Some friends helped McMillan get into “transitional housing” in downtown L.A. for $600/month. And, although she’s glad to have a roof over her head, she has to share the living space with an assigned roommate and lives in fear of the neighborhood. 

“There are ex-cons and drug addicts, but I had to learn to live with them and get along,” McMillan said. “Sometimes my nerves are shot to smithereens. People are fighting and in-your-face. I’m very nervous and scared to death, and I really want my own place.”

McMillan began receiving disability checks not long ago and stays occupied with volunteer work. She initially volunteered for the California Hospital Medical Center’s auxiliary gift shop, but now volunteers at Artifac Tree two days a week, coming out to Malibu on the bus or via ACCESS services for the disabled. “They have helped me tremendously here,” she said.  

Juan Jose Guerrero Torres

Juan Jose Guerrero Torres, a native of Mexico, has been coming to Malibu since 1989. Cheerful and talkative, he said the first time he came to town, someone sent him to The Artifac Tree, where they gave him socks, a blanket, a pillow, sheets and a tarp. He still goes there if he needs clothing or some other essential. 

He’s currently been in town since January 28, sleeping in the bushes at night and usually coming to the Malibu Community Labor Exchange (MCLE) to get day jobs.

“I do all kinds of miscellaneous work, like construction helper, carrying materials, sanding and painting. My favorite is digging holes and doing dishes,” Torres said.

Torres is technically not homeless — he owns property in a small town just south of the border “down in Baja,” but he’s currently letting relatives stay there for free.

His mother used to live on the old homestead, but she’d become old and frail and his relatives were not looking after her to his satisfaction, so he recently went back for a couple of years to take care of her until she passed away. He used to send her $250 every month.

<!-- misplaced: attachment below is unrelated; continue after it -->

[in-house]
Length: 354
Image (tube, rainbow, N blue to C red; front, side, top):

Torres has never married and he’s not close to his brother, cousins or nephews, so he doesn’t feel there’s anyone left for him back in Mexico.  

He’s friendly but somewhat guarded around the other workers at the MCLE, saying, “If you’re too nice, they just take advantage of you.” He confesses to being lonely sometimes. 

His routine usually includes sleeping in the Zuma Beach area on “Wednesday or Thursday,” where he’s able to take cold showers at the public restrooms and maybe catch a free dinner at the Malibu United Methodist Church. He gets around by bus and usually goes to a coin-operated laundry in Santa Monica to wash his clothes.

Torres said he never goes hungry because he’s able to make enough money working at day jobs to go to the store and buy food. 

Torres was “worried” when he got two tickets from the Sheriff’s Department for “camping” in a no-camping area a few months ago. “The police came back and asked what I was doing there,” he said. The tickets required him to make an appearance at the courthouse in Van Nuys — a three-hour bus ride from Malibu — and to pay a $100 fine. 

He wouldn’t mind having his own place to live at some point, realizing he’s not getting any younger. 

Look for additional profiles in upcoming editions of The Malibu Times.